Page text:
def _add_text(rec):
instruction = rec["instruction"]
response = rec["response"]
# check if both exists, else raise error
if not instruction:
raise ValueError(f"Expected an instruction in: {rec}")
if not response:
raise ValueError(f"Expected a response in: {rec}")
rec["prompt"] = prompt_template.format(instruction=instruction)
rec["answer"] = answer_template.format(response=response)
rec["text"] = rec["prompt"] + rec["answer"]
return rec

# running through all samples
small_dataset =

To finetune our LLM, we need to decorate our instruction dataset with a prompt — Instruction: {instruction} Response:{response}

2. Tokenizer and Model Load

# loading the tokenizer for dolly model. The tokenizer converts raw text into tokens
model_id = "databricks/dolly-v2-3b"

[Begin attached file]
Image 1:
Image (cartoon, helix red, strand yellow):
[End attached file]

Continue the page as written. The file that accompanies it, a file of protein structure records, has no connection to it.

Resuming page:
tokenizer = AutoTokenizer.from_pretrained(model_id)
tokenizer.pad_token = tokenizer.eos_token

#loading the model using AutoModelForCausalLM
model = AutoModelForCausalLM.from_pretrained(
# use_cache=False,
device_map="auto", #"balanced",

# resizes input token embeddings matrix of the model if new_num_tokens != config.vocab_size.
> Embedding(50280, 2560)

3. Data Preparation

from functools import partial
import copy
from transformers import DataCollatorForSeq2Seq


# Function to generate token embeddings from text part of batch
def _preprocess_batch(batch: Dict[str, List]):
model_inputs = tokenizer(batch["text"], max_length=MAX_LENGTH, truncation=True, padding='max_length')
model_inputs["labels"] = copy.deepcopy(model_inputs['input_ids'])
return model_inputs

_preprocessing_function = partial(_preprocess_batch)

# apply the preprocessing function to each batch in the dataset